I don’t like playing the pessimist, but the numbers are the numbers. This is exactly what former Clinton advisers James Carville, Doug Schoen, and Stanley Greenberg have been warning Obama about. People just don’t believe the economy is getting better. So he’s gotta change his message.
But what change? Taxing rich people won’t create jobs. Neither will bashing Bain Capital. Obama is surrounded by leftist campaign advisers. And it’s hard to see them shifting gears to something constructive like making a summer deal to extend the Bush tax cuts for a year, or heaven forbid backing off the 20-some-odd tax hikes embodied in Obamacare. In other words, Obama’s goose may already be cooked.
The Joint Economic Committee (JEC), spearheaded by Texas congressman Kevin Brady, put out a report saying that the Obama recovery now ranks dead last in modern times. That’s a real milestone in the post-WWII era. It’s ten out of ten for both jobs and economic growth. According to the Bureau of Economic Analysis, real GDP has expanded only 6.7 percent over the eleven-quarter recovery since the recession ended. The Reagan recovery at the same stage had increased by 17.6 percent. The Clinton recovery by 8.7 percent.
As for jobs, the Bureau of Labor Statistics reports that the number of private-sector jobs has grown by only 4.1 percent since the cyclical low point. Reagan’s record was 10.7 percent.
So much for Obamanomics. Didn’t work. Still isn’t working. As the JEC put it, spending stimulus, housing bailouts, auto bailouts, financial bailouts, cash for clunkers, cash for caulkers, and $5 trillion in deficit spending left the Obama recovery dead last in modern times.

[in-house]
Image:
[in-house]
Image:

Whatever happened to the great boom of the ’80s and ’90s, when the animal spirits were strong and the American economy wasn’t held hostage by Europe or China? In an odd twist, both Obama and his top economist Alan Krueger blame “problems built up over decades.” Does that mean they blame Clinton? Reagan?
For nearly 25 years — during those bad old decades — the economy increased 3.3 percent annually. Unemployment dropped from 11 percent to 6 percent to 5 percent to below 4 percent. Obama would swoon for numbers like that. But those statistics come from the era when big government was over, when pro-market forces stopped the expansion of Leviathan, and when marginal tax rates were slashed to grow the economy.
Now the question is, with Obama’s economic goose cooked, does Mitt Romney have what it takes to win the election and provide a pro-growth economic model that will restore prosperity at home and America’s number-one position around the world?
Some powerful figures — including Rupert Murdoch, Jack Welch, and even my brothers and sisters at the Wall Street Journal editorial page — have taken shots at Romney in recent days. But I am more optimistic. In response to his critics on the day of the bad June jobs report, Romney talked about expanding energy resources, approving the Keystone pipeline, cutting taxes, and increasing trade with Latin America. He reaffirmed his intention to cut federal spending and eliminate programs.
Basically, Romney is promising a return to free-market, supply-side policies on taxes, trade, regulation, and spending. Hopefully he will embrace a sound and stable dollar as well. I still believe Romney is the most underrated politician in America today, and that he’s the most conservative Republican standard-bearer since Ronald Reagan.
In other words, he’s some real filet mignon.
– Larry Kudlow, NRO’s economics editor, is host of CNBC’s The Kudlow Report and author of the daily web log, Kudlow’s Money Politic$.
Posted by S Benard at 6:37 PM